- Kresge Centennial Hall at Northwestern University, home to many departments in the College of Arts and Sciences, and the state’s highest-scoring project in 2017; LEED Platinum
- Cannon Place, located in Danville, an affordable housing project serving veterans and their families; LEED Silver
- Sunstar’s North America’s headquarters and manufacturing building, a new 302,175-square-foot facility in Schaumburg; LEED Certfied
- One of the city of Chicago’s nation-leading sustainability policy initiatives is to obtain LEED Silver certification for new construction of city facilities and LEED Operations and Maintenance and/or LEED Silver under Interior Design and Construction for major renovations of city facilities.
- Additionally, the Chicago Sustainable Development Policy requires development projects that receive financial assistance or special approvals from the city to include sustainable elements, including LEED certification.
Sheraton Waikiki and Royal Hawaiian, courtesy of Sheraton Waikiki.
Hawaii landed in fourth place, a personal best for the state, with 16 certified projects. Hawaii’s booming hospitality sector made significant contributions that helped propel it back onto the list, especially:
- The Sheraton Waikiki and Royal Hawaiian resorts, two top destinations on Waikiki Beach that share facilities; the largest project to certify in 2017; LEED Gold
Also notable: The LEED Certified Symphony Honolulu, a luxury high-rise residential building offering sweeping ocean and mountain views from the comfort of your own bed.
- Hawaii requires each county agency that issues building, construction or development-related permits to establish a procedure for priority processing of permit applications for projects incorporating energy and environmental design standards for buildings, including projects receiving LEED Silver certification or higher.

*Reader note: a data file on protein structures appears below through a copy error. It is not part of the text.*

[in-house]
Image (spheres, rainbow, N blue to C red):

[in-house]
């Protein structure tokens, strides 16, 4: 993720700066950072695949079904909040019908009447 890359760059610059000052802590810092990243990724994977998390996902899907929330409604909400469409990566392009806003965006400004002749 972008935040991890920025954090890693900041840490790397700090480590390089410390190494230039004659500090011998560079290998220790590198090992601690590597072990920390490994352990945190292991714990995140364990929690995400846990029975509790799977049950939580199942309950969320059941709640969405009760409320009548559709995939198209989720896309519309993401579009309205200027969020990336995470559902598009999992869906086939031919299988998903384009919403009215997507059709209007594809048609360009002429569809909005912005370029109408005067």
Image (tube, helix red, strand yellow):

- Beyond this, the state has been very active in sustainability policy, including being the first state to commit to 100 percent renewable energy (by 2045) and going above and beyond to promote green schools.
MGM National Harbor, courtesy of Prakash Patel Photography.
Maryland moved up the list and rounds out the top five with a total of 105 projects. While the state usually boasts a diverse list of certified space types, some of the most interesting include:
- MGM National Harbor, a 1.3-million-square-foot casino that was the largest certified project in Maryland in 2017; LEED Gold
- Progress Place, a community services and shelter facility serving the homeless in Silver Spring; LEED Silver
- Remington Row, a multifamily residential building in the Remington neighborhood of Baltimore, LEED Silver
- Maryland has long been a leader in green building policymaking. At the state level, agencies, including schools, have committed to green construction using LEED. Several local jurisdictions, including Baltimore City and County, promote green building practice.
- Montgomery County in Metro Washington, D.C., requires any new construction or major renovation project that is financed 30 percent or more by the county, and is 10,000 square feet or more, to either comply with LEED or achieve LEED Silver.
A-Mill Artist Lofts, courtesy of Troy Thies.